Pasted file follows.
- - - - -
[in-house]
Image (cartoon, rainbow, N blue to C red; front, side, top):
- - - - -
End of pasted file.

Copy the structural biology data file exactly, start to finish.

[in-house]
Image (cartoon, rainbow, N blue to C red; front, side, top):